Posted by: ADOW | July 29, 2010

Core Crunching

Recently I had the privilege to meet former world champ paddler Barry Lewin. Lewin won 6/6 races in the 2010 Durban Surfski Winter Series and finished with a total average of 100% as well as a 2nd place in the Scottbrough to Brighton Surfski Marathon! He is also the owner of Durban based Varsity College Surfski school and runs his own blog at Paddling is certainly in his blood with his father, Mark Lewin heading up Custom Kayaks who makes all his surfski’s

Lewin will see ADOW members in December when he comes over for his 5th Dubai Shamaal and if all goes well, present some master classes in Abu Dhabi.

Paddling in extreme heat and humidity require paddlers not only to take caution in rehydrating, but Lewin advises that “the balance you will find paddling is worth all the sweat. Even the sweltering heat is better than the office!”

While the UAE’s current heat, humidity and holidays may set paddlers a few steps back, Lewin suggest that this is the ideal time to spend some indoors-time to strengthen core muscles.  He developed a series of core exercises that aim specifically to strengthen a paddler’s core. I tried it and it helps (and pains!), but must admit – I found the squads on the Pilates ball challenging and replaced it with a half-ball and still had a great workout.



The following is an extract of his article … The Core of Surfski – Barry Lewin (link)

“Core Strengthening Exercises for Paddlers

The art of mastering surfski paddling is in learning to balance. The ocean is never flat and even on the calmest days there are bumps out at sea or waves breaking on the shore.  Balance is absolutely crucial to your performance, whether you’re a novice or a pro.

Balance Better, Go Faster

It’s really simple, the better your balance the more power you can put into each stroke and the better you will do in any condition.

How does this relate to the paddler’s “Core”?

Your core comprises abdominal stabilising muscles, which when used effectively, form the basis of one’s balance. Working on your core can directly help your balance in the boat. The core doesn’t help with paddling technique but can help you maintain posture and – working on it can get you up a grade at the next race series albeit with a bit of effort.

Core strength comes in especially handy on the longer races where it can really aid you in that 2nd or 3rd hour of the race when you’ll still be efficient when others are falling apart.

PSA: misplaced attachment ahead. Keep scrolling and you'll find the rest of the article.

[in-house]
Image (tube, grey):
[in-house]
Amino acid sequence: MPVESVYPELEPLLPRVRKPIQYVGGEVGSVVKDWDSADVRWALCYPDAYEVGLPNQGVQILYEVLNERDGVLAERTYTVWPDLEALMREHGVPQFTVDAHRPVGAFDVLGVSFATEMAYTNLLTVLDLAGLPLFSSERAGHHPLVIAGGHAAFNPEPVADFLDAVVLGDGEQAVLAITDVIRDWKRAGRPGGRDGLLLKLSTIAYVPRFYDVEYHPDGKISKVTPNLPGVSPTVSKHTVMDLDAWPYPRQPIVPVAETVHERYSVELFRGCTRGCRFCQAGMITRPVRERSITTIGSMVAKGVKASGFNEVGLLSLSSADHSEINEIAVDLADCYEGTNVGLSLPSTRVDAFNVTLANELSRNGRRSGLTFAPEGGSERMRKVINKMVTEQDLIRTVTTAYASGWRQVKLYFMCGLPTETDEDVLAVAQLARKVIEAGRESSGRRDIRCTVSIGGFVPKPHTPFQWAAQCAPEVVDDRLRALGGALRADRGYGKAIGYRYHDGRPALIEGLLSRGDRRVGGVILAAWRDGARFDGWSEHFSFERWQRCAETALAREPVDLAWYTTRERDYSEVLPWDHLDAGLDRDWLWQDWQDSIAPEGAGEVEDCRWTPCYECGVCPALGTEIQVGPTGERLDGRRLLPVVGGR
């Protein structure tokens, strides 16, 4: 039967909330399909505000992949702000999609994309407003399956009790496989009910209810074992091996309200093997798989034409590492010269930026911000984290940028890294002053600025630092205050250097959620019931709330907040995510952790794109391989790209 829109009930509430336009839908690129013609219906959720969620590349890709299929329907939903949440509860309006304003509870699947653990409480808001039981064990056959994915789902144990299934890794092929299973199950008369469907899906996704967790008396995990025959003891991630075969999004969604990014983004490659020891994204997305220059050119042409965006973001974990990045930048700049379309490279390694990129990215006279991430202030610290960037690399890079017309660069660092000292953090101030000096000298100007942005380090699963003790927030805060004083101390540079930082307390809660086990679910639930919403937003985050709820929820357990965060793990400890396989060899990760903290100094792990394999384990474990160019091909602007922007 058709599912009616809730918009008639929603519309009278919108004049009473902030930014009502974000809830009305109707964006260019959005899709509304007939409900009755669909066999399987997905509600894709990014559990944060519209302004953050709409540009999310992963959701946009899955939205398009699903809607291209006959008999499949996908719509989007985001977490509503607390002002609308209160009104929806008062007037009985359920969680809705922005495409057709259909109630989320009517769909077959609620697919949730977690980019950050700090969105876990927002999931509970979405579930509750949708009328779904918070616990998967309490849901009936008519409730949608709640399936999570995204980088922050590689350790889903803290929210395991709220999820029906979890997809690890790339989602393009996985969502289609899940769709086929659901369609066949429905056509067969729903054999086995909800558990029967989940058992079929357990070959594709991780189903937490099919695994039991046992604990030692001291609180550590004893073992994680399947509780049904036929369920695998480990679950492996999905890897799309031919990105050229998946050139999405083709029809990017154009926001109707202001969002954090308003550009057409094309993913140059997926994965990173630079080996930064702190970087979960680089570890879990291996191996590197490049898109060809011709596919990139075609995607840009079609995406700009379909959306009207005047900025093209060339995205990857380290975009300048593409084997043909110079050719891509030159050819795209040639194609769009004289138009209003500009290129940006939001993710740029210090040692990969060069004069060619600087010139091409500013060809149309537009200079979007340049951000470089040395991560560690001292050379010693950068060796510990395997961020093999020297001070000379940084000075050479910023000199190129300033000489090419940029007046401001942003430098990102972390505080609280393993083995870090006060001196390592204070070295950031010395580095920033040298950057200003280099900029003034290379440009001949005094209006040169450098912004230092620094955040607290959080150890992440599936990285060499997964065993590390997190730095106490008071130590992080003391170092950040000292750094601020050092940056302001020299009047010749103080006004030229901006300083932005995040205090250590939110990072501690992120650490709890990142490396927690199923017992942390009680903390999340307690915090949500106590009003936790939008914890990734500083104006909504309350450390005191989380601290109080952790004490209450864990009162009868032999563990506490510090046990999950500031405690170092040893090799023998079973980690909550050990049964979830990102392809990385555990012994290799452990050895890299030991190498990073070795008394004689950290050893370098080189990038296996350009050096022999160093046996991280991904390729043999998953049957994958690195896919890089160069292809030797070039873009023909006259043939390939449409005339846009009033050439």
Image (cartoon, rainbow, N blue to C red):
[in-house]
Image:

How do you use your core – specifically in a surfski?

When your surfski goes over or down a wave, hits a bump or chop, it tilts from side to side. This is totally normal. You can control the ski by pushing with your heels. If the boat tips over to the right, tense your left leg against your heel to bring the boat upright and vice versa. This control of the boat with the legs (and specifically the heels) is overlooked by many paddlers who often have the boat set up with the wrong leg length or are pushing too hard on the toes. Make sure the boat fits perfectly; if it’s too short, you will be crunching up your stomach making your core ineffective and if it’s too long you will have no base to push off to bring the boat upright.

Eventually when your balance is good you should be able to roll the boat around comfortably using the control of your heels.

The core is what activates the legs and connects the balance muscles in the leg to the power muscle in the upper body that you pull with.

How to strengthen your core?

While there is a major trend towards more core exercises in athletes, there is commonly a misunderstanding of the difference between abs/stomach exercises and core exercises. The core is deeper and takes a little effort getting to. Sit ups won’t cut it.”

Barry Lewin in action during the 2010 Durban Surfski Winter Series

Barry Lewin in action during the 2010 Durban Surfski Winter Series


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